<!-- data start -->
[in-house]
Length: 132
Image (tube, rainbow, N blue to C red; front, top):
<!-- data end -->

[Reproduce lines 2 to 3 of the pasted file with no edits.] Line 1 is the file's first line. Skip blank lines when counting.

Length: 132
Image (tube, rainbow, N blue to C red; front, top):